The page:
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MACY, Nebraska | The federal government on Wednesday raised its share of disaster assistance for the Omaha Tribe's recovery from the historic 2011 Missouri River flooding from 75 percent to 90 percent.

President Barack Obama issued the additional disaster assistance Tuesday for Omaha Tribe projects related to flooding between May 24 and Aug. 1, 2011, according to a news release issued by the White House on Wednesday.

Under Obama's major disaster declaration issued to the state of Nebraska on Aug. 12, 2011, funding was made available for 75 percent of total eligible costs. The new change has increased the funding to 90 percent for parts of the Omaha Reservation affected by the flood. 

"I am pleased that the Obama administration recognized the unique situation that the Omaha Tribe has," said Vernon Miller, chairman of the Omaha Tribal Council. "We went through a plethora of appeals to get to the point we're at today."

Miller said the change will mean an additional $2.4 million to help pay the roughly $12 million rebuilding costs.

The Omaha Tribe, based in Macy, Nebraska, has land on both sides of the Missouri River, in Thurston County, Nebraska and Monona County, Iowa.

During the historic floods of 2011, melting of the unusually high Rocky Mountain snow pack in late spring, combined with abnormally heavy rainfall in May and June throughout Montana and the Dakotas forced the U.S. Army Corps of Engineers to release record amounts of water from upriver dams.

The deluge of water led to summer-long flooding along the Missouri in South Dakota, Iowa and Nebraska. The floodwaters severely damaged the Omaha Tribe's former CasinOmaha near Onawa, Iowa.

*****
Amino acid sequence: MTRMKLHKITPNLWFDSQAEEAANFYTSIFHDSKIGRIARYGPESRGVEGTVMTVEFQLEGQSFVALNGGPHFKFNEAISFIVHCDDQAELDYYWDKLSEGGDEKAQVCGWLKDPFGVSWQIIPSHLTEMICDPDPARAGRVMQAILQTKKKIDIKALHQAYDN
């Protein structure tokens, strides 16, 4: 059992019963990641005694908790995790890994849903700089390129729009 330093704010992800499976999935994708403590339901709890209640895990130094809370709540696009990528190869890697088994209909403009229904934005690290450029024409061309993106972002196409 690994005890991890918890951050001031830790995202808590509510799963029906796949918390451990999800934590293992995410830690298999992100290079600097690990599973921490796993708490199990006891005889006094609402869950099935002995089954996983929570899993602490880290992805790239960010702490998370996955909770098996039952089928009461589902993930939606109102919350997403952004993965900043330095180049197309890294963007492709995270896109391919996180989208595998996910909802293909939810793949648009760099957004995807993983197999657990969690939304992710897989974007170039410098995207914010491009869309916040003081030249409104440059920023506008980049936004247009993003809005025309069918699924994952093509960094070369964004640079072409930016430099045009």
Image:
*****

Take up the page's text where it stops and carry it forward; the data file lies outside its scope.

With federal emergency aid, the casino was rebuilt, reopening as Blackbird Bend Casino in January 2013.

Miller said when the Omaha Tribe's casino reopened, 180 jobs were created, lowering the tribe's unemployment rate from 81 percent to 69 percent.

Susan Hendrick, a press secretary for the Federal Emergency Management Agency, said in a statement Wednesday that the aid increase "is not time limited and applies to all public assistance projects resulting from those disasters."

That means the Omaha Tribe will pay 10 percent on past flood-related projects such as Blackbird Bend Casino. Miller said that could result in a refund from the federal government. He added the funds would be reinvested in the tribe.

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Miller said the 2011 flooding was disastrous for the tribe, which historically has struggled with high rates of poverty and unemployment.

"The morale was down, and it happened during the summer so the kids didn't have anywhere to go," Miller said.

Miller said the 2011 flooding also destroyed 11 homes.

"It really impacted us because we had a housing shortage," he said. "We had to do some creative restructuring. It really impacted us from a fiscal standpoint."

Miller said the homes have since been rebuilt, and the remaining displaced families will have homes later this month.

-- The Associated Press contributed to this report.

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